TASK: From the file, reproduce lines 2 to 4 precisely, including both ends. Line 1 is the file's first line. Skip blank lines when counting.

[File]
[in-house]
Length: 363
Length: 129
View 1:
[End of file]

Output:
Length: 363
Length: 129
View 1: